Brando Galeno was already feeling the dog days of summer catch up.
The Oak View Elementary School fourth-grader had spent his time out of school sleeping, watching TV and playing video games. Then the Oak View Family Resource Center started its two-week summer day camp, and Brando was back kicking a soccer ball with his friends.
"I was bored," the 9-year-old said, adding that he missed the social activity of being in class.
For that matter, he was also lucky. The resource center's annual summer camp can only enroll 120 participants, but this year, the program got an overflow of parents wanting to sign their children up. Part of the reason: The Huntington Beach City School District had canceled summer school this year for all but special-education students due to budget cuts, and many kids were at a loss to fill their time.
Last year, day camp coordinator Beatriz Flores said, some parents were still signing up their children at the door on the first day of camp. This year, all 120 spots were booked by the start of June, and about 200 students remained on the waiting list.
"I'd like to be able to enroll all the students and give them a safe haven for a little bit," Flores said. "But unfortunately, we can only have so many kids in the program."
The day camp, which runs from 8:30 a.m. to noon Mondays through Fridays, allows kids to play sports, do arts and crafts and other activities. Each week has a theme, which is often accompanied by at least one field trip; next week, when the topic shifts to outer space, the kids plan to tour the Boeing exhibit at the Discovery Science Center in Santa Ana.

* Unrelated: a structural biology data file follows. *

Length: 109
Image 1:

The resource center at 17261 Oak Lane serves one of Huntington Beach's lowest-income areas, with an after-school program and other family services offered year-round. Camp Fire USA, a youth development nonprofit with its local headquarters in Santa Ana, oversees the after-school program and day camp; many children are signed up for both.
Even though the camp lasts only two weeks and ends at noon, some parents said they appreciated giving their children an added diversion. Marisela Santillan, who works as a housekeeper, said she had been bringing her daughter to work for the first few weeks of the summer. Next year, she said in Spanish through a translator, she hoped the district could afford to bring back summer school.
"My daughter would rather be at summer school than going around with me," Santillan said.